May 24: noon–1 p.m

Grounded advice for Entrepreneurs

Most of the advice for entrepreneurs that is floating around these days is focused on the 0.5% who are building venture capital-backed companies and furiously pivoting away in hopes of being the next Instagram. The overwhelming majority of new ventures, however, live in a different world with different rules.  Gravity applies, so does the need for profitability, cash flow, paying customers, employees, and lines of credit. And regardless of what the meia tell you, this is where America actually produces most jobs. So it was great to see Jay Goltz, writing for the New York Times, offer his list of 10 Rookie Mistakes for Entrepreneurs.

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Reprising W+K’s 10 lessons for young designers

I recently ran across this list while reading about the challenges faced by John Maeda as he moved from software engineer and computer scientist to President of the Rhode Island School of Design. It reminded me that not all of design, in education and in work, can be neatly packaged and served to managers in a sound bite like ‘design thinking.’ I’m reprising here the list written by Wieden+Kennedy’s Executive Creative Director, John C. Jay of 10 lessons for young designers:

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Social entrepreneurship—as opposed to?

I just returned from an engaging panel discussion on social entrepreneurship, at Darden’s Entrepreneurship and Innovation Research Conference. We were asked to speak on social entrepreneurship—a new field of venturing and venture investing, and a new and rapidly emerging curriculum in business schools across the country. I had to pose the question: If at this moment we are talking about entrepreneurship for the social good, what are we talking about, and teaching, when it’s just entrepreneurship?

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To pivot or not to pivot…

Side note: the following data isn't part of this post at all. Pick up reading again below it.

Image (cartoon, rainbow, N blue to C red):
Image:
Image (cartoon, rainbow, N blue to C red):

It seems that the best strategy for a startup is longer a matter of if, or even when, but now how many times you pivot before you make it rich. Pivoting, a term the enterpreneur-turned-entrepreneurial sage Steve Blank recently popularized, now threatens to become the next business buzzword. Forget open innovation, what’s your pivot strategy? That’s dangerous.

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UC Davis program opens headquarters with two Davis startups

Davis Roots, a recently formed nonprofit business accelerator bridging the city of Davis and the University of California, Davis, officially opens its headquarters at the historic Hunt-Boyer Mansion today. The enterprise is geared toward supporting startup companies to succeed and stay in the city, with two companies ready to move in.

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Reserve Accounting for ski days

Setting innovation strategies to deal with declining resource stocks sounds like the kind of long-range planning that’s only good for oil, mining, timber, and other companies in the extraction business. But as I mention in an earlier post, the Innovating against Declining Resources, that’s changing. In Getting Green Done, Auden Schendler describes how his company, the Aspen Skiing Company, and the City of Aspen are recognizing the same need in setting their own strategic planning.